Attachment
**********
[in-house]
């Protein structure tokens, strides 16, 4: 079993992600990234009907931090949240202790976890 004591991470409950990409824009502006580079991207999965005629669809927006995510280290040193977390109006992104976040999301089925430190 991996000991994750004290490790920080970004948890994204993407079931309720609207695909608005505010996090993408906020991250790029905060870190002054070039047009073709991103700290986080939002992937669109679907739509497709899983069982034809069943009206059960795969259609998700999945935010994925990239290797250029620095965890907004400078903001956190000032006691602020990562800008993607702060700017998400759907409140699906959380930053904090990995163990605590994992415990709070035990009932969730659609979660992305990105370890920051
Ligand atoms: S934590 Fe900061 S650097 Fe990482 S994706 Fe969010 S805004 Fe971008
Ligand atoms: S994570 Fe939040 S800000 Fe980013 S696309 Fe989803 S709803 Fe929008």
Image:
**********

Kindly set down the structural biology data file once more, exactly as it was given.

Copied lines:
[in-house]
């Protein structure tokens, strides 16, 4: 079993992600990234009907931090949240202790976890 004591991470409950990409824009502006580079991207999965005629669809927006995510280290040193977390109006992104976040999301089925430190 991996000991994750004290490790920080970004948890994204993407079931309720609207695909608005505010996090993408906020991250790029905060870190002054070039047009073709991103700290986080939002992937669109679907739509497709899983069982034809069943009206059960795969259609998700999945935010994925990239290797250029620095965890907004400078903001956190000032006691602020990562800008993607702060700017998400759907409140699906959380930053904090990995163990605590994992415990709070035990009932969730659609979660992305990105370890920051
Ligand atoms: S934590 Fe900061 S650097 Fe990482 S994706 Fe969010 S805004 Fe971008
Ligand atoms: S994570 Fe939040 S800000 Fe980013 S696309 Fe989803 S709803 Fe929008």
Image: